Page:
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Zzoomm secures £100 million for market town broadband

Zzoomm has sold an equity stake worth £100 million to Oaktree Capital Management to fund the next phase of its UK full fibre broadband rollout.

The bafflingly-named UK altnet, which is currently nearing the end of its first network deployment in Henley-on-Thames, said the financing will enable it to push on with the rollout elsewhere in the UK.

“We are targeting market towns that are currently stuck with the pedestrian speeds delivered over ancient copper cables. This funding from Oaktree will enable us to bring our transformational services to many more homes and businesses,” said Zzoomm founder and chief executive – and UK fibre industry veteran – Matthew Hare.

Zzoom has not named any of the locations in which it plans to deploy fibre next, but at the end of last year said it has as many as 240 towns on its target list.

If you were feeling cynical, you could accuse Zzoomm of cherry-picking. Market towns tend to be fairly salubrious, with residents more likely to shell out for fibre broadband. But according to Hare, market town rollouts come with certain challenges, which is perhaps why they are underserved by the bigger players.

A combination of old, listed buildings and cobbled streets with a mishmash of underground ducts make it difficult – and presumably costly – to lay fibre in small market towns, Hare told the FT recently.

Nonetheless, the funds clearly see market town fibre as a good bet. Oaktree’s interest in Zzoomm provides further evidence, if any were needed, of the attractiveness of infrastructure to investors. It comes just a couple of months after London-based fibre altnet Community Fibre announced a £400 million funding injection from private equity firm Warburg Pincus and investment group DTCP, for example, and there have been several other similar announcements.

“We look forward to leveraging our operating expertise and experience with growth platforms to support the team as they deliver on their twin passions for providing great quality customer service and building a valuable infrastructure-backed business,” said Oaktree managing director Pablo Velez. As the FT pointed out, the deal marks one of Oaktree’s first direct investments in the telecoms space, but there is a suggestion it might not be the last, with Canadian outfit Brookfield Asset Management – which has numerous investments in towers, data centres and smaller operators – having taken a majority stake in the firm last year.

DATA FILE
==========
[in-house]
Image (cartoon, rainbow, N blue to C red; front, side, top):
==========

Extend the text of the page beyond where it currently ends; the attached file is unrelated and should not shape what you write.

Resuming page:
There are now fibre builders aplenty in the UK, many of whom are tackling towns, cities and small community, as the country works towards the government’s goal of Gigabit-capable broadband everywhere by 2025.

The likes of Openreach, CityFibre, Hyperoptic and Virgin “will crack Gigabit delivery for the urban and suburban areas of the UK. I’m really not worried about that,” said Openreach CEO Clive Selley at Connected Britain last week, during which he and others in the industry urged government to “get on with it” with regard to funding for rural broadband rollout.

With so many players targeting potentially lucrative locations like small and medium-sized towns, including market towns, there’s little wonder the Openreach boss is not concerned.

  • Cable Next-Gen Technologies & Strategies


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